Baseball commissioner Bud Selig looks likely to retire in January 2015
Selig, 79, said he does not intend to reverse his retirement decision.
Seattle Times news services
The announcement Thursday that Major League Baseball has created a succession committee is the latest sign that commissioner Bud Selig might truly retire next January.
St. Louis Cardinals owner Bill DeWitt Jr., the chairman of the committee, provided a wish list for the qualities he was seeking in the next commissioner.
“A strong CEO, a visionary leader who has a passion for the game, who will look to maintain the integrity of the game and continue to grow the great game of baseball,” DeWitt said at a news conference at MLB headquarters in New York. DeWitt, who was asked by Selig to head the search, added that Selig had done “a wonderful job.”
Selig, 79, has grown accustomed to the reality that he will end his final term in eight months, he said, and he does not intend to reverse his retirement decision.
“I know they’ve rehired me four or five times, and people thought it might happen again,” Selig said. “But it’s not.”
He would not comment on whether any owners had asked him to stay.
Rangers have losing record
The Texas Rangers are really hurting. Along with adding Martin Perez and Matt Harrison to an already crowded disabled list, and possibly being without both left-handed starters the rest of this year and beyond, the Rangers (20-21) have a losing record this late in a season for the first time since 2009.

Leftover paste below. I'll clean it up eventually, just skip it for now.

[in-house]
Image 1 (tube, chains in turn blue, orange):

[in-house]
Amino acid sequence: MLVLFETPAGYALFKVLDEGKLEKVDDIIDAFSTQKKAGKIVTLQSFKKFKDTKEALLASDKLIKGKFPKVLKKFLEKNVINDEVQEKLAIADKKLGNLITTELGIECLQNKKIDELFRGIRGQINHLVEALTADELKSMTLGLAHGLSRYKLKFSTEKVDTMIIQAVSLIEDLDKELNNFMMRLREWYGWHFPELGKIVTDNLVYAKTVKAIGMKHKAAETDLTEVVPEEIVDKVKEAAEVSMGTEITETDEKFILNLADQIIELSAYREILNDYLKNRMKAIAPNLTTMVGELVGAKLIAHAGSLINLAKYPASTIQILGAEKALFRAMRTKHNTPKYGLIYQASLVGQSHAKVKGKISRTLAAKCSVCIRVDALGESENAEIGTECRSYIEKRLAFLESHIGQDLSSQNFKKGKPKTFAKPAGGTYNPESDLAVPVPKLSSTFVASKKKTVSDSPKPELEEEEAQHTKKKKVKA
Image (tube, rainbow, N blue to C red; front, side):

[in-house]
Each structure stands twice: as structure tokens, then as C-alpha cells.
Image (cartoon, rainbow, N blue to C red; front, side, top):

“We’ll just keep battling and keep seeing what resources we have and keep running them out there,” manager Ron Washington said.
Except the injuries just seem to keep coming. The Rangers have 13 players on the disabled list, easily the most in the majors.
“Just the sheer number of injuries we’ve had, it’s startling,” general manager Jon Daniels said. “We’ve had a combination of everything. ... We’ve had freak deals.”
The Rangers are fourth in the AL West and five games behind leading Oakland.
• Miami Marlins ace Jose Fernandez will have Tommy John surgery, ending the season for the reigning NL Rookie of the Year. Fernandez becomes the latest in a string of major-league pitchers this year who have needed Tommy John surgery. Fernandez was 4-2 with a 2.44 ERA in eight starts this season.
• The Padres acquired outfielder Jake Goebbert in a deal that sent utility player Kyle Blanks to Oakland. The Padres will also get another player to be determined or cash.
• The Rays put second baseman Ben Zobrist on the 15-day disabled list because of a dislocated left thumb.
• Yankees outfielder Carlos Beltran was placed on the 15-day disabled list because a pain-relief injection did not ease the effects of a bone spur in his right elbow.